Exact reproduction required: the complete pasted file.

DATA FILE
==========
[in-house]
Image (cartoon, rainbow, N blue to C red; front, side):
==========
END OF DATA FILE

[in-house]
Image (cartoon, rainbow, N blue to C red; front, side):